A Local Firm,

A World Of Experience.

Photo of the legal professionals at Hall Ansley, P.C.

5 leading construction injuries in Missouri

On Behalf of | Feb 27, 2023 | Workers' Compensation |

Did you know that 14 people died in Missouri’s 7,090 workplace injuries in January of 2023? The construction industry has inherent dangers. In fact, one in five worker deaths is in this industry.

Despite worker safety programs and OSHA regulations, workers get injured on the job. Therefore, these are the five most common injuries you should know about in construction.

Respiratory injuries

Construction sites are full of hazardous materials. Debris, silicon, asbestos and other materials can lead to respiratory illnesses by aggravating existing conditions, such as asthma, or causing new ones, including certain types of cancer. These are typically not short-term illnesses.


If you have worked in the industry for any length of time, you have probably received a small laceration that kept you from working for minutes to a few hours. However, serious cuts require stitches or more extensive medical care.

Fractures and broken bones

Due to the risk of falling debris and slips, trips or falls, you may receive broken bones or fractures. These injuries tend to keep you off the job for at least two weeks. However, major breaks could impact your ability to work for the rest of your life.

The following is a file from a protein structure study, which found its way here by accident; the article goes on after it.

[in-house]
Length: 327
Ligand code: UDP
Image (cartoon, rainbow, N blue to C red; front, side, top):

Sprains, strains and inflammation

Repetitive motion, heavy lifting and slips-and-fall accidents can all cause sprains, strains and inflammation. Your ability to work may become permanently or temporarily limited, and serious injuries could result in chronic pain.

Head injuries

A head wound is particularly dangerous because it can result in a traumatic brain injury. Depending on the extent of the injury, you may need weeks, months or years of workers’ compensation.

You may receive compensation for your injuries, but you will not receive it automatically. Consult with a reputable workers’ compensation attorney to get the benefits you need and deserve.

FindLaw Network